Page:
Travis thinks on that one, his finger-like toes flexing a little. “The ones mom did weren’t too bad at all. She did sort of warn Gemmy and I both about some minor discomfort. And I love having the tail and opposable toes. Ooh, and part of the experimentation involved a regenerative factor. I was an X-Men fan as a kid, and always thought that power was kinda cool. On the downside, I tend to get, like, REALLY hungry after I heal from something. The other huge downside of the healing ability is that everyone seems to want to find out how it works. They don’t always ask permission, and when they do, they don’t seem to take no for an answer. But the good points of the experimentation in general? Increased agility, for sure. Plus, it’s kinda nice to know that if I break a leg or something, I’ll be fine in a few hours.”

Fascinating. And what of the difficult situations you’ve found yourself in? I believe you’ve experienced violent run-ins with a serial killer and a maladjusted mage. Do you feel your life has been cursed, or unfair? And how have you dealt with these terrible experiences?”

He cringes at the thought of THEM again. “…You do NOT want to get me started on Jesse or McManus,” he grumbles. “There are a lot of good points about my life, but sometimes I do have to wonder if I’m cursed. As for dealing with this shit? I have the best support system, like, ever. I also tend to stress eat from time to time. But my girlfriend is psychic and has helped me go into my mind to deal with whatever’s going on in there. So it’s thanks to my family I’m not as much of a wreck as I probably should be.”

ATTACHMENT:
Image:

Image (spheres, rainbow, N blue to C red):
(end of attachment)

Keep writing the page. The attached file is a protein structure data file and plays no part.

"A psychic girlfriend? That must be challenging at times." Richard taps the arm of his chair with a finger. “Tell me about your childhood, your relationship with your father? I know it was troubled. Have you resolved your feelings in regard to that relationship? Any lingering issues?”

Travis’ eye twitches, and his tail begins to follow suit. “Walter…yeah, I’ve always hated that guy. When I found out that making your kid sleep on a closet floor wasn’t normal, that made it even worse. You wanna know how my sister and I got kicked out? It happened when I throat-punched that son of a bitch. Yeah…our childhood wasn’t exactly great. We got put under house arrest for three years for going to a friend’s house. I’d like to say I resolved my feelings, but I really haven’t and am just glad to have gotten out.”